Nuzman has always denied the charge. He stated that he was not aware of any payment and that the choice of Rio de Janeiro was due to the efforts of the members of the candidacy committee.
The leader was imprisoned preventively for 15 days, but was released for habeas corpus by the STJ (Superior Court of Justice). The investigation led to the resignation of the top hat of the COB presidency after 22 years in charge of the entity.
Cabral also initially denied the charge. He even classified the prosecution’s accusation under interrogation as a “racial prejudice”.
However, the former governor changed his defense strategy, decided to confess and, in new testimony, confirmed the payment of bribes. He said the money passed would buy up to nine votes, citing former athletes Alexander Popov of Russia and Sergei Bubka of Ukraine as two of them.
He also said that former president Lula, at the time in office, and the mayor of Rio de Janeiro, Eduardo Paes (PSD), knew about the payment. They deny it.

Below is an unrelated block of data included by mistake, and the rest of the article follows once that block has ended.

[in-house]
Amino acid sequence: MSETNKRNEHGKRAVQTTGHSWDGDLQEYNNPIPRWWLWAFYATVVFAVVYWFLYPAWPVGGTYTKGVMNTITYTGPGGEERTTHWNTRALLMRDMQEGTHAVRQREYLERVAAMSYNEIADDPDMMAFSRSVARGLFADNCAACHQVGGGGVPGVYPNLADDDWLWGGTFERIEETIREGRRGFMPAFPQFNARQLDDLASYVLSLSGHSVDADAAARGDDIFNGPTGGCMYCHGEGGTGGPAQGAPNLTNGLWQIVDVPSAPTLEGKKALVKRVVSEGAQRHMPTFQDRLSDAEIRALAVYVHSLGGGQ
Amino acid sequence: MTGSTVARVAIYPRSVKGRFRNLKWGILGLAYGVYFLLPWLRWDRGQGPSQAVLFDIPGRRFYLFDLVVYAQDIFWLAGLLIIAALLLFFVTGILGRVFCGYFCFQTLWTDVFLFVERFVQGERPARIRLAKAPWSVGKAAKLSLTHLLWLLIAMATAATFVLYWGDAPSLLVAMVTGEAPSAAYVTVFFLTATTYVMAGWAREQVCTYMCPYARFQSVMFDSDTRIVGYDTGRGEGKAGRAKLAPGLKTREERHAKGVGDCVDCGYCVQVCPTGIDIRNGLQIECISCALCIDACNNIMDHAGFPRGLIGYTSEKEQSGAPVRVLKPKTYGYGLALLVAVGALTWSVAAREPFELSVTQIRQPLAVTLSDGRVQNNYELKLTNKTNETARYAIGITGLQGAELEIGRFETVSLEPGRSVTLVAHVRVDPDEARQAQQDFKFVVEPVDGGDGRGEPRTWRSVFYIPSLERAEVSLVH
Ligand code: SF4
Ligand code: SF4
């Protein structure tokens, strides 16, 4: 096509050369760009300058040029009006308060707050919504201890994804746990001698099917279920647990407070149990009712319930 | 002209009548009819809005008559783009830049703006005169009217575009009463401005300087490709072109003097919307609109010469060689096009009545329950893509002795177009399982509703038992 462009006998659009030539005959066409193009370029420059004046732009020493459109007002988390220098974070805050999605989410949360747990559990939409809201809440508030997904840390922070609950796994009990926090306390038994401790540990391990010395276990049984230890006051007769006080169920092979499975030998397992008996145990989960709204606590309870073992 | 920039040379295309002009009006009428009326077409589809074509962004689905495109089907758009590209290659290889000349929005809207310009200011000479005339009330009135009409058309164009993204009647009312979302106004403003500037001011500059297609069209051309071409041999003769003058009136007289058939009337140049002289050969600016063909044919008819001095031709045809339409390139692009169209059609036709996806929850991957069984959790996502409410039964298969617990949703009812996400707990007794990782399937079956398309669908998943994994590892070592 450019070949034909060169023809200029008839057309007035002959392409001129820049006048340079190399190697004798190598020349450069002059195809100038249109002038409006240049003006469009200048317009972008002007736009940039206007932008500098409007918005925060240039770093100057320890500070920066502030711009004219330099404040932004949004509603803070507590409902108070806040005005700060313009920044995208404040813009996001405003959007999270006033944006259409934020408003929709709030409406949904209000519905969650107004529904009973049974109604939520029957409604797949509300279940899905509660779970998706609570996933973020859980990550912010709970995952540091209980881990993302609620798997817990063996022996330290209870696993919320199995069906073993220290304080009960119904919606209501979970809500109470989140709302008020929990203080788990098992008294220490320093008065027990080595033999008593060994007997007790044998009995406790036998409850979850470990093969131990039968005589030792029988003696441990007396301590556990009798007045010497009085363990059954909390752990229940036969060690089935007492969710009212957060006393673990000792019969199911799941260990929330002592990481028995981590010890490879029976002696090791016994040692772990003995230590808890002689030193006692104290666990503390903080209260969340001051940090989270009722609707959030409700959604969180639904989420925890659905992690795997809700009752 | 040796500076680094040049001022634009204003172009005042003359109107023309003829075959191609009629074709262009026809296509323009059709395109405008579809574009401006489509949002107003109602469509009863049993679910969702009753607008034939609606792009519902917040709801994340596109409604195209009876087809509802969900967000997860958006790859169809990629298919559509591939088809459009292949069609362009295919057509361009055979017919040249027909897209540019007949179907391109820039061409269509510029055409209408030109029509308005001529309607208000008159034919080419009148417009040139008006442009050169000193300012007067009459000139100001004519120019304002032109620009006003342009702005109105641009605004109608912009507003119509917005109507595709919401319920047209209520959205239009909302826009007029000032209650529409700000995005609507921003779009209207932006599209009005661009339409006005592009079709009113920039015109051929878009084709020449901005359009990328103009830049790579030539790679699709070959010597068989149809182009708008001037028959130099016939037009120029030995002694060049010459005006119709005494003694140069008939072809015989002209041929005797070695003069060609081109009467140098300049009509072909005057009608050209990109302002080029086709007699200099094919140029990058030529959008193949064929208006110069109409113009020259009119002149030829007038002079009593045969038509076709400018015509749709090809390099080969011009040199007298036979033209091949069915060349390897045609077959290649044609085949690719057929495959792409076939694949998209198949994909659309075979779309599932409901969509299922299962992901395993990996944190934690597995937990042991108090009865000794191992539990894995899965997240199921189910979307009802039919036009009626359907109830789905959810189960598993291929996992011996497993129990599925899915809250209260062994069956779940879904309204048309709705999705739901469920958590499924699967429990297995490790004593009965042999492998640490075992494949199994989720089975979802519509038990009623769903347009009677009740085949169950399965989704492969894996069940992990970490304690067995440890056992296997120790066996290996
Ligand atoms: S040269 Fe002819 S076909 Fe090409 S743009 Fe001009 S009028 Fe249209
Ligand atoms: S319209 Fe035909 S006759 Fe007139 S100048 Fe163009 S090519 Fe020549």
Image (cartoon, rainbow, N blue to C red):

According to Cabral, the main concern of the Brazilian delegation was to guarantee a minimum number of supporters in the first round of voting at the IOC.
Four cities were candidates in the 2009 election (in addition to Rio, Madrid, Tokyo and Chicago). The victor would be defined by elimination. In each round, the least chosen city was removed from the dispute, starting a new vote.
“He [Nuzman] arrived with Leo Gryner. ‘Look Governor, we have every chance of winning. We had a beautiful campaign, the three levels of government involved. The president of the international athletics federation, Lamine Diack, is open to undue advantage. We made contact with him. And there is a guarantee of five to six votes. And they want $1.5 million,'” reported Cabral.
The emedebist reported that Nuzman and Gryner later approached him asking for an additional $500,000 to secure up to nine votes.
In the first round of voting, the Brazilian city had 26 votes, while the American city was eliminated with 18. If the Rio candidate had lost up to nine votes supposedly bought for the competitor, the city would not have passed.